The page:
Sports are unique in that they constantly put on display a metaphor of life. We often see an athlete, who despite his incredible ability, conditioning, and preparation, seems to have zoned out and doesn’t perform to expectations.
It can happen in life as well. A man starts out in life, energized and excited about making his mark, yet over time grows weary and tired of the daily grind. His dreams become faded memories.
The thrill of life is dulled by routine.
As men, we must stay engaged in the fight. What fight? The fight of life. The fight to make it. The fight for our family, our fitness, our finances, and maybe our faith.
In the last few years a passivity has crept into the psyche of men. Passivity may have slowly drained your energy and sapped your will. You may find it difficult to get up in the morning with the energy to take on the day. Your drive to work may be a comatose state of boredom. You may seem zoned out or disengaged. In fact, more and more workers are facing this very dilemma.
Gallup recently released a new poll about Americans and their jobs which stated that 70 percent of U.S. employees are either “checked out” at work or are “actively disengaged.” According to the Los Angeles Times the “actively disengaged” workers cost the U.S. as much as $550 billion annually.
There is an story in the Old Testament that describes this kind of passivity well. A great prophet, Elisha, was about to die and the King of Israel, Joash, whimpered emotionally over the dying prophet.
Yet, even in his dying state, the prophet was a fighting man. He instructs the king to take arrows in his hand and strike the ground. The king picked up the fist full of arrows and struck the ground three times.
Furious at his passivity, the prophet exclaimed, if you would have struck it many times, five or six times, then you would have completely defeated your enemy, but now you will only have three victories.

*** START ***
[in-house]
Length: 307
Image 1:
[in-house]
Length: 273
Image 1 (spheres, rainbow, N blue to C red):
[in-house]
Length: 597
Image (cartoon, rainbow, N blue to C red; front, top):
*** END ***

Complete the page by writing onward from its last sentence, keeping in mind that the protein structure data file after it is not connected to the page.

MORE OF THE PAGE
The point of the story is to fight to the finish, to not let up, to press on toward complete victory.
I have noticed that a lot of men want an excellent life with about 80 percent effort. However, if we’re going to win and win big, we must stay engaged, fighting hard against the resistance of routine and pressing toward a complete victory.
The Apostle Paul told his young protege, Timothy, that God has not given us “a spirit of timidity, but of power, love and self-discipline.” (2 Timothy 1:7)
Don’t be passive or timid toward your pursuit of life. Don’t give up. Don’t check out. Don’t become weary in well doing.
You may be battling boredom in your marriage. Seemingly, the thrill of the romance is gone. My suggestion is to reengage your relationship. Actively pursue her. Consider that most men do not commit adultery for the relationship but for the risk and the thrill. Allowing your marriage to become boring is a dangerous thing.
You may have lost the edge at work. Yesterday’s sales and achievements are dusty plaques on the wall. Past victories are not bringing in the money for today and certainly don’t guarantee future income. Get after it. Change your routine. Look for new opportunities, new leads, new prospects.
Your health and fitness may have become weak and fattened. Get up early and get after it. Fight the bulge. Don’t just get on the tread mill and slow-pace it. Make it hard. Do something that gets you out of passivity.
Get up and get your fight back!
I’ve entered my 50’s. This is the decade when men make a choice to either allow their life, marriages, finances, and health begin a slow process of downward momentum or they reengage, get active, aggressive, and determined.
I recently read that most men’s monumental successes are achieved in their 50’s. With that in mind, I am actively pursuing God’s best for my life. My wife and I date every week. I am enjoying the fruit of my labor. And even more amazing, I recently started working out at Crossfit, a brutal workout regiment. I am fighting the 50’s! I want to be in the best shape possible so that I can fulfill my purpose. I don’t want to be satisfied striking my arrows in my teens, twenties, and thirties. No, I want to strike my arrows in my fifties and sixties, and I won’t stop there!
What about you? Are you going to strike those arrows? How many times?